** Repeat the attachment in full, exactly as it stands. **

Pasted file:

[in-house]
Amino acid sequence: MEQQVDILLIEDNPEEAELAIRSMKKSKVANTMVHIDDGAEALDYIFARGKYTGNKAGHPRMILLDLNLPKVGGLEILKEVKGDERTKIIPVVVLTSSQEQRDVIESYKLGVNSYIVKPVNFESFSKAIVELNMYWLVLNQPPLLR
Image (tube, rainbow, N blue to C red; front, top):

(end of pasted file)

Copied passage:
[in-house]
Amino acid sequence: MEQQVDILLIEDNPEEAELAIRSMKKSKVANTMVHIDDGAEALDYIFARGKYTGNKAGHPRMILLDLNLPKVGGLEILKEVKGDERTKIIPVVVLTSSQEQRDVIESYKLGVNSYIVKPVNFESFSKAIVELNMYWLVLNQPPLLR
Image (tube, rainbow, N blue to C red; front, top):